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Foreign Currency Deposits Up 18.3% Despite Cedi Depreciation

Despite the depreciation of the cedi, foreign currency deposits with banks grew by 18.3 percent in August 2018 compared with 6.4 percent and 6.2 percent growth respectively in June and May 2018.

According to the latest Bank of Ghana’s Summary of Macroeconomic and Financial Data, foreign currency deposits also grew by 15.4 percent in July 2018. The recent growth might be due to consumers changing their cedis into dollars to prevent any loss of investments.
According to the data, currency outside the banking system was still high at 10.9 percent in August 2018. This is against 11.7 and 10.3 percent respectively in June and July 2018.

At the same time, demand deposits, largely current account remained high, growing by 36.0 percent in August 2018. The only time demand deposits have gone very high is May 2018 where it grew by 34.0 percent. This must be good news for the banks since customers are putting their monies in less expensive deposits.

Growth of Savings and Time deposits also grew very high at 20.4 percent in August 2018. It has reduced consistently from 26.3 percent in January 2018 to 10.5 percent in May 2018. Average yield for demand deposits however stood at a paltry 5.83 percent, higher than February’s 3.33 percent while that of savings deposits was 7.55 percent since January 2018.
The report stated that average lending rate dropped by 50 basis points to 27.0 percent in August 2018. It stood at 27.5 percent in June and July 2018 respectively whilst Ghana Reference Rate is 16.1 percent.

The report further stated that total deposits shot up consistently from GH¢59.1 billion in January 2018 o tGH¢61.8 billion in June 2018 and GH¢64.8 and GH¢67.7 billion respectively.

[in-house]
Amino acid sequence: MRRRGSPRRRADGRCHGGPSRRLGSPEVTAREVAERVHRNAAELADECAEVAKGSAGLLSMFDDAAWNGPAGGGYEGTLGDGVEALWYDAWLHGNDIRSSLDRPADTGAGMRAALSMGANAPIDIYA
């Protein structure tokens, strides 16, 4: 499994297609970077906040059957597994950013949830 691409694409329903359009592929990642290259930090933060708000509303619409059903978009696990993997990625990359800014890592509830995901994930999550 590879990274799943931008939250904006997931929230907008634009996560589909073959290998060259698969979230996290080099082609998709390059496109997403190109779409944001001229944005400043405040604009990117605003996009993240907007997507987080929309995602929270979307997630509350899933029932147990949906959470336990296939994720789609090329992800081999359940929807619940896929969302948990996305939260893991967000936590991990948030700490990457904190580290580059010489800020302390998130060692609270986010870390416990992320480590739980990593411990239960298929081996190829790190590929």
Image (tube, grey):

Total assets of the banking industry hit GH¢104.6 billion in August 2018. It hit a record GH¢100 billion in June 2018 and move to GH¢100.3 billion in January 2018.

Core liquid assets to short term liabilities, a critical component in measuring the stability of a firm stood at 32.9 percent in August 2018. It was 30.5 and 35.3 percent respectively in June and July 2018,. This indicates that the banking industry response to paying cash on time dwindled slightly between July and August 2018.

Growth of loans and advances also went up from GH¢39.7 billion at the end of July 2018 to GH¢40.0 billion in August 2018
The banking sector’s capital adequacy ratio increased from 18.9 percent in July 2018 to 19.1 percent August 2018.

Non-performing loans stood at 21.3 percent in August 2018 from 22.6 percent in June 2018. The banks in Ghana made a provision of about 11.7 percent as bad debts in their books at the end of August 2018, the report reiterated.

Year-on-year growth of bad loans of banks slowdown in the first half of 2018 growing by 9.0 percent compared with 13.9 percent a year ago.

According to Highlights of Universal Banks Income Statement, banks wrote off about GH¢672 million in the first half of this year. In June 2017, the banks wrote off GH¢616.2 million as bad debt and GH¢541.4 million bad debt in June 2016. The total provision made in the income statement included loan losses, depreciation and others.

According to the July 2018 Banking Sector Report, the ratio of banks’ total loans classified as impaired remained high in the first half of this year. However, the NPL ratio fell to 22.6 percent in June 2018 from the last reported position of 23.5 percent in April 2018.


Source: The Finder


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